Grace and Peace to you from the mystery in whom we live and move, and have our being. I am who I am.
God said to Moses, ‘I am who I am.’ He said further, ‘Thus you shall say to the Israelites, “I am has sent me to you.”Exodus 3:1-15
In 2005 I served as the Director of Christian Growth Services at Remuda Ranch Treatment Center (aka The Meadows) in Wickenburg, Arizona. Because we were known for our evidence-based outcomes for disordered eating and were rooted in Evangelical Christianity, we received patients whose families were desperate for help, but would not send them to anything but a Christian facility.
I had occasion to meet with one patient who requested a one-to-one. Throughout her life she was surrounded with high expectations from church, family and herself to please family, particularly her parents, her pastor, and her own understanding of God. Her drive to be the good Christian wife and mother became overwhelming. As with many anorexics, the inability to feel a sense of control drives them into controlling one of the things that they can control. Overeating or not eating at all.
As disordered eating author Geneen Roth says, and I paraphrase, “When I don’t give myself to the out-of-control nature of love, for myself, others and from God, I will go out of control, with the very thing I can control.”
No one can lure an anorexic patient to eat using guilt, shame, encouragement, or rewards. The hyper-focus on behavior by loved ones is tormenting. It reaffirms the belief that they are a culmination of right and wrong actions leaving them emotionally and physically starving to death for intimacy, and relationship without expectations.
“Let’s take a walk”
As the patient and I sat and talked, there seemed no way of breaking through her self-loathing and intention to get herself right with God and to get over the eating disorder to please her family. I invited her to take a walk with me. The adult facility, called Rio, sat on a hill overlooking the Wickenburg desert with lush trees. You can see nothing but desert landscape for miles. The clouds were gently floating from one direction to the other.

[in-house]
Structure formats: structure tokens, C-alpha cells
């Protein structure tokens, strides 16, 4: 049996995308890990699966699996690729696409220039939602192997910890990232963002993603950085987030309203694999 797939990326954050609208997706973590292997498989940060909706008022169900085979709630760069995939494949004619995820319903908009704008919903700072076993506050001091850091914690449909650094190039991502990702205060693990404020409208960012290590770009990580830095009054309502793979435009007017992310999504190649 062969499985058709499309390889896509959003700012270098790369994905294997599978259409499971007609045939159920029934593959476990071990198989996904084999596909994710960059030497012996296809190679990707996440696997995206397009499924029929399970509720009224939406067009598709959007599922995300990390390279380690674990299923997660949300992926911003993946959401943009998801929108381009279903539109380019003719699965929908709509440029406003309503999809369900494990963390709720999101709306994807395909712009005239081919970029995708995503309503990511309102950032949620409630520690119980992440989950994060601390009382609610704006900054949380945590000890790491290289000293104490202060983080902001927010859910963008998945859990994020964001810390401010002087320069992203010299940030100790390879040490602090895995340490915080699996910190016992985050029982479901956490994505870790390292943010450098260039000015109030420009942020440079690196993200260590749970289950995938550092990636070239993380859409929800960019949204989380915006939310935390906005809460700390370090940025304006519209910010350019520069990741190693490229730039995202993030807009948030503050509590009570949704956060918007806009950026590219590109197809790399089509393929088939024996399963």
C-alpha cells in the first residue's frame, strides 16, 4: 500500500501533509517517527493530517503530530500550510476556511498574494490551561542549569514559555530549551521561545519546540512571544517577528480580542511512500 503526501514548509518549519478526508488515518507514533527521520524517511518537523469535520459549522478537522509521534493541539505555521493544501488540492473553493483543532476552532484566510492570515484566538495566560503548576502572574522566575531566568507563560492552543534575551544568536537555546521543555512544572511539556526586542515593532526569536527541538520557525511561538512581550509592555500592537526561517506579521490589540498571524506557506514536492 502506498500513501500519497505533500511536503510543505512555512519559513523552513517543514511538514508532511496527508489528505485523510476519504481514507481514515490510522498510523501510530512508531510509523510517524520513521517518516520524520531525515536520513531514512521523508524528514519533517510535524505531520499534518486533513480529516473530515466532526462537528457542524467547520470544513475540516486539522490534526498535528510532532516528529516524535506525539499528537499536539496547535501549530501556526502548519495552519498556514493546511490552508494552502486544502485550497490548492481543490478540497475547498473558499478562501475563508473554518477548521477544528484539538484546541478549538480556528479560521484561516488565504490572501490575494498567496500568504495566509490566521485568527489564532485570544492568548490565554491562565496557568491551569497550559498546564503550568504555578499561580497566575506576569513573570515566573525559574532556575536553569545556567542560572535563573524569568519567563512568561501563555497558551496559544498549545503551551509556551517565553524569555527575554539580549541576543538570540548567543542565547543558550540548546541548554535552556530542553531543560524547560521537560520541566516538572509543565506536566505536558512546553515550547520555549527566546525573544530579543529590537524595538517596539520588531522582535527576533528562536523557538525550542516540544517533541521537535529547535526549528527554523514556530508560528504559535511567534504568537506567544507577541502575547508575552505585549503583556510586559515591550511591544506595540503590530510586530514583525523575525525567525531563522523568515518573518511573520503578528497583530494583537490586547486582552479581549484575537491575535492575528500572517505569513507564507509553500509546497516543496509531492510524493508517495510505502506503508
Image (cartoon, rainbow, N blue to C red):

I gave her one instruction. I said, “I want you to watch yourself walk. Look down and watch every step you take.” We began walking, she with her head down. She never looked up, vulnerable, obedient soul that she was. We walked back and sat down on our Adirondacks. I said, “So tell me what you saw.” And very proudly she said, “I saw every step I took. The green grass beneath my feet.” And I said, “Is that it?” She said, “Yes, but that was what you told me to do, right?” “Yes, but it’s hard to see the beauty around you when you’re watching yourself walk and following others demands isn’t it?” “Yes,” she said, “it is.” “Perhaps that’s what you’ve been doing; watching yourself walk and missing the life around you.”
It’s hard to be present in the moment when you’re wanting to make sure you’re doing things right, pleasing others, particularly God, whom you love deeply.
It is one of the most heartbreaking experiences to walk alongside somebody who is near emotional and physical death in their attempts to please God and others. Perhaps all the expectations put on the innocent are the stumbling blocks Jesus speaks of, not the behaviors that lead people to sin. Although, those too can be a stumbling block.
Let’s look at the passages. First in Exodus we see this conversation between Moses and God. God is telling Moses (and it’s a familiar story to us) to take the Israelites out of Egypt. Bring them out of the hands of their oppressors. Moses says to God, “Who am I – who AM I, that I should go to the king of Egypt, the most powerful, and bring the Israelites out of the hand of their oppressors? What if they ask me, what’s his name? What should I say?”
Then God says, “I am who I am. You shall say to the Israelites I AM has sent me to you.” God says it a third time, “You shall say the I AM of your ancestors, the God of Abraham, the God of Isaac, and the God of Jacob has sent me to you, this is my name forever and this is my title, identity, memoriam for all generations.”